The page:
Devices which generate sound by mechanical / acoustic means and then convert them into electric sound signals (typically by electromagnetic pickups, say an electric guitar, a Hammond, a Hohner Clavinet, a Rhodes, a Wurly etc) are not considered synthesizers.
Devices which generate the sound directly from electronic components (vacuum tubes, transistors, oscillators etc) are considered as either 'electronic keyboards' or as 'synthesizers'.
The main difference between 'electronic keyboard' and 'synthesizer' being that in a synth the user has control on the synthesis and signal processing. An instrument with only presets but no possibility for the user to alter them (such as the ARP String Ensemble) would be called an electronic keyboard, while an instrument allowing the user to play with the synthesis and editing of the waveform would be a synth.
Am I very mislead?
I said "technical/electronic point of view" you said "common lay-man terminology" ... different.
 
From a technical/mechanical point of view there is no difference between a saloon, coupé and a stationwagon
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Direct Link To This Post Posted: February 20 2013 at 07:54
Originally posted by Dean Dean wrote:


I said "technical/electronic point of view" you said "common lay-man terminology" ... different.
 
From a technical/mechanical point of view there is no difference between a saloon, coupé and a stationwagon
Well, given your usual great explanatory capabilities, I have to say that in this particular case you did not shed any light on my questions (for myself at least I mean) Confused
From a technical/mechanical point of view there is a difference between a petrol-engine car, a diesel, a hybrid, an electric or a fuel cell one, the way the power is produced makes the difference.


Edited by Gerinski - February 20 2013 at 11:55
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Direct Link To This Post Posted: February 20 2013 at 17:09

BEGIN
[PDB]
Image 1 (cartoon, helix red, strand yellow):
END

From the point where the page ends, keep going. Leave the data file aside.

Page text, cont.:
Originally posted by Gerinski Gerinski wrote:

Originally posted by Dean Dean wrote:


I said "technical/electronic point of view" you said "common lay-man terminology" ... different.
 
From a technical/mechanical point of view there is no difference between a saloon, coupé and a stationwagon
Well, given your usual great explanatory capabilities, I have to say that in this particular case you did not shed any light on my questions (for myself at least I mean) Confused
From a technical/mechanical point of view there is a difference between a petrol-engine car, a diesel, a hybrid, an electric or a fuel cell one, the way the power is produced makes the difference.
I don't usually use analogies because people don't really understand how analogies work... They are supposed to clarify hard to understand explanations - I made a mistake in using one this time. Your analogy is simply repeating the same point you made about tone generation, there was no need for an analogy because I already understood what you were saying.
 
I'll back out now because if you didn't understand what I've said originally and if you keep repeating the same thing you said about how tones are generated then any further explanation by me isn't going to help.


Edited by Dean - February 20 2013 at 17:09
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Direct Link To This Post Posted: February 23 2013 at 05:49
Entry added for MIDI, it's not an instrument but it seemed important enough to deserve some mention.